Most of us have sat through meetings that bounce from topic to topic and our notes turn out like this -->
We leave an engaging meeting only later to find our notes disconnected and organized by stream-of-conversation.
This also happens when I take notes while reading. I will be reading a book and something I read in chapter 7 provides insight on something I read in chapter 2. And then I lose the idea or put it in the wrong place in my notes.
Not too long ago I went (for a second time) to an amazingly fun class on speed-reading and note taking. Here are a few key takeaways I’d love to share on note taking.
Is there a way to capture notes so that when an idea comes up that belongs with an earlier topic we can go back in our notes and easily add the idea to the right place? The instructor of the class thought so.
She suggested that for each meeting, book, or other boundary on a topic, take a sheet of paper and draw a line from one corner of the page to the opposite corner. Add the topic on the line and write the date in the corner (with year). Once that is done, add a horizontal line for a new topic that comes up and capture any key points or ideas using smaller lines off of the topic line.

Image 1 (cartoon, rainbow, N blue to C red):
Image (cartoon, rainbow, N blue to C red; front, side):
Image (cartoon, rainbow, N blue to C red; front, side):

It is really easy to go back and look at old notes and review content from years ago. And if you are like me, you have notes that are 3-5 years old that you go back to and review every now and again.
When I was a kid we used to call these fishbone diagrams, and guess what? They work! As the conversation turns back to a topic covered earlier, or I read something that helps me understand a point made in a different topic area, I can easily go back and add a note or idea.
I still enjoy pen and paper for note taking, but with the capability of tablets and other mobile devices, I find myself using Microsoft OneNote in draw mode. I use a stylus to capture notes as
often as I use pen and paper. The advantage to the tablet is the notes can be shared across multiple devices, sent to others, and more importantly, I can capture audio during a meeting. When I review and add to my notes, I listen to the audio to make sure I captured the key information.
One additional value this provides me is having a tool that helps me understand whether I have captured all of the information I need for a topic area. Most instructional designers for courses and books will tell you they break topics in similar sized chunks, typically 5 topics (plus or minus 2), and the cascade and flows are all similarly grouped. If I look at my notes and have few notes for an area, I either go back and review that topic area or intentionally realize that the topic is something that I find no value in.